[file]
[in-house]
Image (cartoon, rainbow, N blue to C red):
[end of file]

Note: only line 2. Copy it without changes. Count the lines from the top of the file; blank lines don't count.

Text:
Image (cartoon, rainbow, N blue to C red):